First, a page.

Behold! New Lebanon (Upstate New York). To reverse years of demoralizing decline, rural individuals organize and open their towns to urban dwellers eager for deeper and more comprehensive access to country living and skills. Rural residents in Upstate New York demonstrate how to live in concert with rather than in opposition to the natural world. Tourists pay for topical workshops and frequent the town's restaurants and other local business and nonprofits, thereby lifting the local economy and spirit while providing important public education. The program is conceived and led by Ruth Abram, who founded the Lower East Side Tenement Museum in New York.
ScholarCHIPS, Inc. (Washington, D.C.) provides a pathway to college for children of incarcerated parents by offering scholarships and an essential support network – both by mentoring and a growing peer community. Roughly 2.7 million children in the United State have a parent in prison, which negatively affects their mental health and education, leading to a sadly predictable host of maladies including anxiety, withdrawal, depression, hyper-vigilance and shame coupled with guilt.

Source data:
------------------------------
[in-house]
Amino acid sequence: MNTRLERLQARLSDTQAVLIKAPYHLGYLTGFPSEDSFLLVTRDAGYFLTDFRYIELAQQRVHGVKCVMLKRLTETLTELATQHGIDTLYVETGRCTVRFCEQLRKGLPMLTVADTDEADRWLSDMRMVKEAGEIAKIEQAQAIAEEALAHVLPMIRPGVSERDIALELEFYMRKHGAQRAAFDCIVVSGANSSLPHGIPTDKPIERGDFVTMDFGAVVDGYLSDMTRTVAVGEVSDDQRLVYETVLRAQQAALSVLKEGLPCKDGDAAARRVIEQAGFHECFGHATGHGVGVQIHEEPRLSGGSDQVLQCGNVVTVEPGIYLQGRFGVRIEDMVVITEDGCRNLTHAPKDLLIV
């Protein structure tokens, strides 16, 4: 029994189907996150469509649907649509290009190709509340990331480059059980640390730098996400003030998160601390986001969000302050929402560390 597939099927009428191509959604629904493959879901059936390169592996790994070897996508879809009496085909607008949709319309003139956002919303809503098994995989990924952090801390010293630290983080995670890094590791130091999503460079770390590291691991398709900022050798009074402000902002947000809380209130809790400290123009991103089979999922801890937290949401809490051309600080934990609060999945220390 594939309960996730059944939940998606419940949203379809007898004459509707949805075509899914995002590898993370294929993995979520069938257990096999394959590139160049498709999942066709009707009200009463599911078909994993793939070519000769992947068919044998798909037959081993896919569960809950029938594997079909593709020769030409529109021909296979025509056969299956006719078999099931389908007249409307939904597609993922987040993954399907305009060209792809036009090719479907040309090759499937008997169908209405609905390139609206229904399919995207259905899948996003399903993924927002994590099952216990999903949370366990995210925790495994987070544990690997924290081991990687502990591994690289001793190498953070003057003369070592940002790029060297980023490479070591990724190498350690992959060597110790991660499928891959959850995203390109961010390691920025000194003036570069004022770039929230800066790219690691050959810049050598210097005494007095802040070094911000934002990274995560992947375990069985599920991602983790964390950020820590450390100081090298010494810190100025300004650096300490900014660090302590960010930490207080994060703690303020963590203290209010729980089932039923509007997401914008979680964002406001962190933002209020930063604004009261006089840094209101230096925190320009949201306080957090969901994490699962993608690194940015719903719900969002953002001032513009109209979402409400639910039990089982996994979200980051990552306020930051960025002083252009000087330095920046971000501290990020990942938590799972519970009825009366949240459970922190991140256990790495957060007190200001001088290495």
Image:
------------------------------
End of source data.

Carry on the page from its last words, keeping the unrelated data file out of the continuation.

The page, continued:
Growing Veterans (Washington State) uses sustainable agriculture to help veterans transition back into their communities, prevent suicide among its members, and nurture a healthier environment and community in the process. Peer-mentoring is at the heart of the project, offering a supportive community for veterans as they continue their national service through local food production. The organization believes that the model created through this proposal will prevent veterans from falling into personal crisis.
The Essie Justice Group (Oakland, Calif.) seeks to transform the American criminal justice system by building a women-led movement to end mass incarcerations and empower marginalized women affected by this. The Essie Justice Group is developing and piloting a “Healing to Advocacy” curriculum in order to build the first nationwide network of women with incarcerated loved ones, as well as partnering with research institutions to disseminate data that dispels the myths that help to ostracize women with incarcerated loved ones.
Reclaim Appalachia (West Virginia) aims to address economic distress, environmental degradation, and demeaned cultural heritage through its job training program. This program will hire low-income young adults as on-the-job trainees for environmentally progressive construction projects such as green housing or deconstruction of abandoned buildings whose materials will be reclaimed for furniture. In addition to these environmental benefits and job creation, the trainees will work towards an associate’s degree and receive mentorship to develop cultural pride and life-skills.